Private non-profit development assistance

Maina Kiai speaking with journalists outside the Ministry of Foreign Affairs in Phnom Penh.

Maina Kiai speaking with journalists outside the Ministry of Foreign Affairs in Phnom Penh. Photo by Maina Kiai, taken on 6 February 2014. Licensed under CC BY 2.0

The first humanitarian international non-governmental organizations arrived in 1989. After the 1993 election, more and more internal organizations started taking root in Cambodia. It was not long after that local NGOs started to form to support the same types of needs from a local perspective. From 1992, the beginning of official reporting, to 2016, US$2,039,153,457 has been spent on official government approved projects.1 There are at present 647 active NGOs (both foreign and local) out of the 1,775 or 1,779 (depending on each source) NGOs that have worked on 1627 unique reported qualified investment projects (QIP).2

The pattern of funding for NGOs and INGOs (international non-governmental organizations) are very similar. An NGO will apply for aid from either an INGO, multilateral organization, donor nation, or corporate sponsor. This can be either through funding contracted projects that the donor country proposes or through general on-going support. That being said, any funding can be cut short or not renewed if the donor is not happy with the outcomes or methods. For example, in early July Norwegian People’s Aid cut funding 2016 for Cambodian Human Rights Action Coalition based on an assessment that they were unsatisfied with.3

Development trends

As one would assume from the policy shift that the royal government set forward in phase III of the regulatory strategy as described above, the NGO sector has been empowered to do more public sector work, also to manage ODA resources and implement projects on behalf of development partners and the Royal Government of Cambodia (RGC). From 2014-2018, the Cambodian NGO and INGO sector has been allocated US$279,861,000 by multilateral and bilateral sources for QIP, with US$110,631,072.82 in 2015 alone.4 And, as stated in the development policy and administration page, Cambodia will be looking more to the Mekong region and East Asia for the majority of its aid in the future. This pivot has begun to take place, but the NGO sector is still mostly funded by western countries and western multilateral organizations.5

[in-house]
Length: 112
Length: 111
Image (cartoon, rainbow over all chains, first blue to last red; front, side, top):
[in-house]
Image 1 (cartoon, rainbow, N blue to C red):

NGOs and INGOs work in a wide range of sectors. While NGOs and INGO are separate from their donors, in many cases, the values of the donor country can be seen in the projects or aims of the organization. NGO and INGO funding is almost perfectly bifurcated by the global region of the donors. The “transportation,” “agriculture,” “business and financial services,” “rural development,” “energy, power and electricity,” and “technology, information and communications” (which is exclusively Japanese) sectors for NGOs are entirely or overwhelming funded by Asian donors. The “gender”, “community and social welfare”, and “tourism” NGO sectors are solely funded by western countries. “Health” and “education” are fairly equally divided between the regions.6

Opportunities and challenges

These western funded NGOs are coming under increasing scrutiny by government regulation. The passing of the Law on Associations and NGOs (LANGO)7 has raised concerns from the international community. Among these concerns are the mandatory registration for all domestic and international associations, the autonomous prudence by the Ministry of Interior over registration, the requirement of “political neutrality” and the mandate that domestic and foreign NGOs must report all financing inflows and outflows.8 Critics of this law say that its requirement for all NGOs and associations to register with the government is in effect government censorship of action.9 This claim is strengthened by the lack of transparency in registration surrounding approval, resulting in the Government having full discretion to deny registration. Registration can be denied to “organizations whose purpose and goals are found would endanger the security, stability and public order or jeopardize national security, national unity, culture, traditions, and customs of Cambodian national society.10” If found to be not in compliance, these organizations run the risk of being disallowed registration or being shut down completely.11

According to the RCG, LANGO, which in August of 2015 was found “constitutional” by the Constitutional Council of Cambodia, was established to “safeguarding the right to freedom of establishing associations and non-governmental organizations in the Kingdom of Cambodia in order to protect their legitimate interests and to protect the public interest, as well as to promote partnership and cooperation between associations and non-governmental organizations and the public authorities.12” Additionally, this ruling is congruent with other regulatory strategies aimed at bolstering phase III of the Rectangle Strategy, which calls for the centralized management and governmental integration with the NGO sector of public work. The country’s development strategy clearly sets out this agenda and is aimed at compliance with the UN Sustainable Goals as well as promoting the country’s economy.

Last update: 14 July 2016

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